5 recycled art ideas that will spark your creativity
– and benefit Habitat ReStores
Recycled art is any kind of art made from materials that might otherwise be headed for a landfill. Naturally, Habitat for Humanity ReStores are great places for artists to find materials they can transform into something new and unique.
Milwaukee Habitat ReStore has seen firsthand the great art that can come from stray materials; they’ve held the Recycled Art Contest for the past eight years. The contest challenges the public to create new works by primarily using the donated products found at Habitat ReStores. From artwork to repurposed furniture, the only rule of the contest is that the majority of materials must be purchased at a Habitat ReStore.
“We ended up having the most successful Recycled Art Contest ever,” said Jake Brandt, Marketing and Communications manager at Milwaukee Habitat for Humanity, “Over 1,000 votes were cast for the record 67 entries.”
Voting took place online as well as at the two Milwaukee Habitat ReStore locations. Winners were announced at Gallery Night, a neighborhood-wide art walk in Milwaukee’s Historic Third Ward.
Find inspiration for recycled art of your own from the winners below, then head to your local Habitat ReStore to see what materials you can transform.
Winners of the Milwaukee Habitat ReStore Recycled Art Contest
First Prize - Kurt Baumann, “Green Space Lamp”
Baumann built this lamp using hardware and materials from a variety of Habitat ReStore items; he also built additional lamps to enter.
“I used parts from a fondue fountain to build this lamp,” Baumann said.
He is planning to open his own business to sell his repurposed lamps, and he used the Recycled Art Contest as a jumping off point. After receiving his trophy and winnings – a $250 ReStore Gift Certificate – for first prize, he immediately filled a shopping cart with more items he plans to turn into repurposed lamps.
Second Prize – Janet Fischer – “Elmer”
Using golf clubs for legs, a tool box as a body and various tools for the head, Fischer began crafting works for the Recycled Art Contest as part of a welding class. As a long-time Habitat ReStore shopper, she was excited to take the random metal objects she’d find and turn them into unique creations.
Third Prize – Jody Fredricks – “Untitled”
Fredricks operates a small business in Milwaukee called The Repurposed Roost that repurposes and redesigns things like old windows and shutters. She got creative, piecing together a variety of ReStore products in her entry,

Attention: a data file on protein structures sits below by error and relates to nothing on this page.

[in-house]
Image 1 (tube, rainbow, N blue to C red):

“For the top of the table and bench, I used reclaimed oak flooring,” she said.
Fourth Prize – Kathy Glancey – Wood slat flowers
Glancey has participated in the contest since 2013, taking home first prize in that year’s contest. She is a perennial contender for the top five and does an amazing job of getting out the vote to her friends and family.
Fifth Prize – 3D Rockstars – “Owl”
3D Rockstars is an art therapy group from the Milwaukee Center for Independence. “Owl,” was created with the goal of using only ReStore materials said class leader Samantha Brophy.
“We used 100 percent ReStore materials. We didn’t even use glue!” Brophy said.
This is the fourth year MCFI has participated in the Recycled Art Contest. Their clients sincerely appreciate the opportunity to showcase their artwork in this well-acclaimed Gallery Night exhibition. Below is Brophy along with Takeela Traner, who entered her art piece, “Beyonce.”
“I don’t even care if I win. I just like being able to show my work,” Traner said. “She [Brophy, the class instructor] is like my hands.” Traner instructs Sam on how to carry out the work of art as she envisions it, helping physically wherever she can.
Timing the culmination of the Recycled Art Contest around Earth Day was no accident.
“Scheduling the event around Earth Day also gives us the opportunity to give folks a visual representation of ReStore’s secondary mission to keep reusable items out of landfills,” Brandt said.
Proceeds raised from Habitat ReStore sales go to help Habitat build strength, stability and self-reliance through shelter in local communities and around the world. The stores also serve as a place to donate usable items that may otherwise end up in a landfill.